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Better than expected tax revenues suggest double digit economic decline can be avoided
Details still point to weakness that warrants further significant fiscal support
Resilient taxes and controlled if large increases in public spending suggest fiscal deficit may be less than feared
Public finances dynamics altogether different and less threatening now than in 2008
Scope for substantial stimulus package without exceeding previous deficit/GDP forecasts
Exchequer returns for June hint that the damage both to the Irish economy and the public finances at least in terms of the initial impacts of the coronavirus could be less than widely feared.
However, the risk of a significant shortfall in activity levels once the economy fully re-opens, leaving a significant cohort of businesses unable to sustain employment and incomes at pre-pandemic levels, still argues for an early and aggressive fiscal stimulus in coming weeks. Importantly, the mid-year exchequer returns suggest that this may prove notably less costly in terms of the eventual trajectory of public deficits and debt.
While the first half of 2020 has seen a substantial deterioration in the public finances, the nature and extent of this weakening is notably different and consequently less threatening to that which emerged in 2008. In the earlier episode, the key driver was the evaporation of tax revenues. In this instance, the main factor has been a deliberate and temporary albeit massive increase in public spending on income supports to cushion the hit from the pandemic.
Voted spending in the first six months of this year was €6.8 billion higher than a year earlier and as the Dept of Finance notes ‘primarily reflects increased departmental drawdown in response to the Covid-19 pandemic, particularly in relation to the Department of Health and the Department of Employment Affairs and Social Protection. ‘
In marked contrast to the freefall seen in late 2008 as the financial crisis took hold, tax revenues for the first half of 2020 were 0.7% higher than the comparable period of 2019 and a massive €4.31 billion higher than expected in the past two months made up of roughly equal overshoots in May and June. This is not to say that tax receipts aren’t set to weaken materially through the balance of 2020, it is simply to suggest that the nature of the decline looks altogether less fundamental and frightening than was the case just over a decade ago.
While a €1.9 billion overshoot in corporation taxes was the largest contributor, this heading represents a little less than half of the extent to which taxes exceeded expectations. Significantly, income taxes (€941 million above profile) and VAT (€611 million above profile) have proven notably more durable than expected. These elements hint at some greater resilience in incomes and spending than many have feared and together with a solid profitability profile at the aggregate level suggested by corporation taxes should provide greater bulwark against what in spite of the better than expected tax revenues is still an exceptionally severe downturn.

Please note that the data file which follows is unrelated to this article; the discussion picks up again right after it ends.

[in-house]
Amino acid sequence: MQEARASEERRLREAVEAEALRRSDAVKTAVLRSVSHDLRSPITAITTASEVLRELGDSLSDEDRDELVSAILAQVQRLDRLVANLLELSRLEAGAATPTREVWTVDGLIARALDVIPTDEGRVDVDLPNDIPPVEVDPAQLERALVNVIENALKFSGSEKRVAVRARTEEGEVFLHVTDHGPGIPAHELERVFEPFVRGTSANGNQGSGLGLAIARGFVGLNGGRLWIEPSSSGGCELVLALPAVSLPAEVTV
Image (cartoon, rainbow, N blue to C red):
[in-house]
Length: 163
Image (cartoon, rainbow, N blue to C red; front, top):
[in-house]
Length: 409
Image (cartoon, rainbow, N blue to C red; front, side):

These trends suggest that, if appropriately supportive fiscal measures are undertaken in the next couple of weeks, the Irish economy may be able to avoid the sort of double digit declines in employment and consumer spending as well as in GDP that many are now predicting.
Importantly, however, the details of the exchequer returns still argue the case for a strong fiscal stimulus. Although better than expected of late, income tax receipts for the month of June alone were still a substantial 20.8% lower than a year earlier. Similarly, while better than expected, VAT receipts for the first half of the year were 20.5% lower than in the first half of 2019. So, the figures paint a picture of major weakness in the Irish economy at present.
The better than feared outcome for income taxes could also reflect an important distributional element to the downturn with the sectors most directly affected by the pandemic typically making up a much larger share of economy-wide employment than economy-wide incomes. This might point to potentially greater ‘scarring’ effects reflecting skills and mobility constraints on re-entry to the workforce if their exclusion is more than temporary. Again, this would argue for targeted if time-bounded measures to broaden the potential sweep of recovery.
Encouragingly, the fact that substantial increases in public spending in the first half of 2020 are largely the result of policy measures rather than out-of-control outlays and tax revenues are not vanishing in the manner that they did in 2008 suggests the possibility that the General Government deficit could be materially lower than the Dept of Finance’s April projection of a €23 billion shortfall. The range of possible outcomes is still wide but we think the figure could be about €5 billion lower.
As we continue to believe that fiscal multipliers are likely to be materially above 1 in the current environment, this would suggest the possibility that a substantial fiscal package could be delivered without materially breaching a deficit to GDP ratio of around 7 to 8% in 2020. Indeed, the continuing buoyancy in corporation taxes could point in the direction of a material upward revision to Irish GDP for 2019 that would reduce that ratio further. Our strong sense is that under-delivery in terms of tageted and time-bounded fiscal support will put the public finances and the Irish economy on a weaker trajectory in coming years than needs to be the case.